This article needs additional citations for verification. Please help improve this article by adding citations to reliable sources. Unsourced material may be challenged and removed.Find sources: "Don" honorific – news · newspapers · books · scholar · JSTOR (July 2023) (Learn how and when to remove this message)

The term Don (Spanish: [don], roughly 'Lord')[a] abbreviated as D., is an honorific prefix primarily used in Spain and Hispanic America, and with different connotations also in Italy, Portugal and its former colonies, and formerly in the Philippines.

Don is derived from the Latin dominus: a master of a household, a title with background from the Roman Republic in classical antiquity. With the abbreviated form having emerged as such in the Middle Ages, traditionally it is reserved for Catholic clergy and nobles, in addition to certain educational authorities and persons of distinction.

The older form of Dom is the variant used in Portuguese, which in Brazil is reserved for bishops. The title is also used among Benedictine monks for those members of the community who have professed perpetual religious vows. The equivalent of Doña or Dame is used by nuns of the Order.

In Spanish, although originally a title reserved for royalty, select nobles, and church hierarchs, it is now often used as a mark of esteem for a person of personal, social or official distinction, such as a community leader of long-standing, a person of significant wealth, or a noble, but may also be used ironically. As a style, rather than a title or rank, it is used with, rather than in place of, a person's name.

The feminine equivalents are Doña (Spanish: [ˈdoɲa]), Donna (Italian: [ˈdɔnna]), Doamnă (Romanian) and Dona (Portuguese: [ˈdonɐ]) abbreviated 'D.ª', 'Da.', or simply 'D.' It is a common honorific reserved for women, especially mature women. In Portuguese Dona tends to be less restricted in use to women than Dom is to men.[1] Today in the Spanish language, Doña is used to respectfully refer to a mature woman. In present-day Hispanic America, the title Don or Doña is sometimes used in honorific form when addressing a senior citizen. In some countries, Don or Doña may be used as a generic honorific, similar to Sir and Madam in the United States.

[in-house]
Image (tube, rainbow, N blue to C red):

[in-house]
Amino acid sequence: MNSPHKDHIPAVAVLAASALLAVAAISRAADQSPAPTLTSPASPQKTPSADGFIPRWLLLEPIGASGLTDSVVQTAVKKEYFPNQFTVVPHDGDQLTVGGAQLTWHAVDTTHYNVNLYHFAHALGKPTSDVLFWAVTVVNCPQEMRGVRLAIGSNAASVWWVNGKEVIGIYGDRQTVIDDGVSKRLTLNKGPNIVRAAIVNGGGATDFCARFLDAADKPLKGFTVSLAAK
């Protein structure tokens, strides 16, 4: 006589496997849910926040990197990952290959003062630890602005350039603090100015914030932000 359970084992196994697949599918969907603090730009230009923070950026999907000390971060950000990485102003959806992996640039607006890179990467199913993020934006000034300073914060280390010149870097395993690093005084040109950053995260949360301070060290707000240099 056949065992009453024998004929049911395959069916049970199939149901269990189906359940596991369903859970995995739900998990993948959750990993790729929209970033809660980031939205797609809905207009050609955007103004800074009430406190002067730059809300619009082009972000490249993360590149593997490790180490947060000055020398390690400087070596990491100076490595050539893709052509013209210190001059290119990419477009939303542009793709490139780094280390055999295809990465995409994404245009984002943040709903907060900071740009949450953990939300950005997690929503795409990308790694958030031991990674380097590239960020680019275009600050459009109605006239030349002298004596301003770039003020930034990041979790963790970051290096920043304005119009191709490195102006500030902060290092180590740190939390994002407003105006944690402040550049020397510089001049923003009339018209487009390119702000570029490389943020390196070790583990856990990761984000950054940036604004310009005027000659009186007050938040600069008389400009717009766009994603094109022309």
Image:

Syntactically, in Spanish, don and doña are used in a way similar to "mister" (señor) and "missus" (señora), but convey a higher degree of reverence, although not necessarily as high as knightly or noble titles such as lord and dame. Unlike The Honourable in English (but like the English Sir for a knight or baronet), Don may be used when speaking directly to a person, and unlike mister it must be used with a given name. For example, "Don Diego de la Vega" or simply "Don Diego" (the secret identity of Zorro) are typical forms. But a form using the last name (e.g. "Don de la Vega") is not considered correct and rarely would be used by Spanish speakers ("señor de la Vega" would be used instead).

Spanish-speaking countries and territories